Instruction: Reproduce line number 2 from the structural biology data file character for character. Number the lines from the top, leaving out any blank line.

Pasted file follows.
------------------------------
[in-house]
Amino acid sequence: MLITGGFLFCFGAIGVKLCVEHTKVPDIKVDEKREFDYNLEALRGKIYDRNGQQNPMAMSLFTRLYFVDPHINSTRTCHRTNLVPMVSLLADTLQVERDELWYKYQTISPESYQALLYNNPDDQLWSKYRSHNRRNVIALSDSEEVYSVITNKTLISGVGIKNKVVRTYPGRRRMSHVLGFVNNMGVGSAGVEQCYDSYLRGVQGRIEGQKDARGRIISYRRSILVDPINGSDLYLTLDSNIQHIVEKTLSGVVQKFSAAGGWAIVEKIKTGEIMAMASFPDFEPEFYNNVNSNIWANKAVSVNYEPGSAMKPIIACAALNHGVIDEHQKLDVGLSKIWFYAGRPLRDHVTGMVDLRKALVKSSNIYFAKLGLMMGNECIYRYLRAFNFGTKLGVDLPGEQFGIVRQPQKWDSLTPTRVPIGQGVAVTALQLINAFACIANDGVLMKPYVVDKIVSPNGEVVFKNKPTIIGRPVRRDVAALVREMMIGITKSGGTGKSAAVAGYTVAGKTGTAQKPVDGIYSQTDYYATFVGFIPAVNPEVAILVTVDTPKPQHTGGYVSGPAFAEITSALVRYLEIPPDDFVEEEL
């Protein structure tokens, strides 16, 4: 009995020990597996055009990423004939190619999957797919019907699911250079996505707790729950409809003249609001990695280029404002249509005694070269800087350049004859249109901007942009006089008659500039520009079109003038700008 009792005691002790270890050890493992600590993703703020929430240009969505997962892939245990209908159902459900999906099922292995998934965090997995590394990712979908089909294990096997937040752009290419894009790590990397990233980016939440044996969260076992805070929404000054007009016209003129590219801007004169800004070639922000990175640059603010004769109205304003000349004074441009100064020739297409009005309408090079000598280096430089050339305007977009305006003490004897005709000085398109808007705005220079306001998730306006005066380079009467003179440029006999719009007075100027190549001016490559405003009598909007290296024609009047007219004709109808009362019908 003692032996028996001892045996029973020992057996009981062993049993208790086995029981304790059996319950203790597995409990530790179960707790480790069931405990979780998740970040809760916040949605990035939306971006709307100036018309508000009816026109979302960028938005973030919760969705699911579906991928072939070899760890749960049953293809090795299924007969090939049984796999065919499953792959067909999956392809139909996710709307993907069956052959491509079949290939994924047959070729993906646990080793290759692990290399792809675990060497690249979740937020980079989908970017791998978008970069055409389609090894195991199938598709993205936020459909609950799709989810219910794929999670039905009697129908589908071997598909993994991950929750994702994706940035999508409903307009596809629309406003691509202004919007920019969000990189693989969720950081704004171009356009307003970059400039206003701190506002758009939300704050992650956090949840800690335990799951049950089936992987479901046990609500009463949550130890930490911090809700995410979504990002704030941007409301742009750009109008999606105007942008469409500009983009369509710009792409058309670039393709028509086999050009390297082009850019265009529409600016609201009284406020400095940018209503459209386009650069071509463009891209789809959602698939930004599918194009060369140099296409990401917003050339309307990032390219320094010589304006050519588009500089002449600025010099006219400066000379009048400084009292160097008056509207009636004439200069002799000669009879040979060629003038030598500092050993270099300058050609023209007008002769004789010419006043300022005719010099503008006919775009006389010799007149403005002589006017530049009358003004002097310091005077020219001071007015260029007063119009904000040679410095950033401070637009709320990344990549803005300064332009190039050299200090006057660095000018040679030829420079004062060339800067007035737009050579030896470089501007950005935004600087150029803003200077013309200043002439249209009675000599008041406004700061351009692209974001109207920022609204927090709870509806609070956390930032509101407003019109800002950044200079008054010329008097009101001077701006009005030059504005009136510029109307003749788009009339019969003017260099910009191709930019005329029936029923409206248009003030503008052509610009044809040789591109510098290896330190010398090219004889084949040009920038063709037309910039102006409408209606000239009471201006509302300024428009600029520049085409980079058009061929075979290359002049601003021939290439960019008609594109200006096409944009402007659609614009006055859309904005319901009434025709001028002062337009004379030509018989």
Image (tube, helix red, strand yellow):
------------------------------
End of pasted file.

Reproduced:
Amino acid sequence: MLITGGFLFCFGAIGVKLCVEHTKVPDIKVDEKREFDYNLEALRGKIYDRNGQQNPMAMSLFTRLYFVDPHINSTRTCHRTNLVPMVSLLADTLQVERDELWYKYQTISPESYQALLYNNPDDQLWSKYRSHNRRNVIALSDSEEVYSVITNKTLISGVGIKNKVVRTYPGRRRMSHVLGFVNNMGVGSAGVEQCYDSYLRGVQGRIEGQKDARGRIISYRRSILVDPINGSDLYLTLDSNIQHIVEKTLSGVVQKFSAAGGWAIVEKIKTGEIMAMASFPDFEPEFYNNVNSNIWANKAVSVNYEPGSAMKPIIACAALNHGVIDEHQKLDVGLSKIWFYAGRPLRDHVTGMVDLRKALVKSSNIYFAKLGLMMGNECIYRYLRAFNFGTKLGVDLPGEQFGIVRQPQKWDSLTPTRVPIGQGVAVTALQLINAFACIANDGVLMKPYVVDKIVSPNGEVVFKNKPTIIGRPVRRDVAALVREMMIGITKSGGTGKSAAVAGYTVAGKTGTAQKPVDGIYSQTDYYATFVGFIPAVNPEVAILVTVDTPKPQHTGGYVSGPAFAEITSALVRYLEIPPDDFVEEEL